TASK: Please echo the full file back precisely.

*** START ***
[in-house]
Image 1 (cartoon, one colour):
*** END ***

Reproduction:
[in-house]
Image 1 (cartoon, one colour):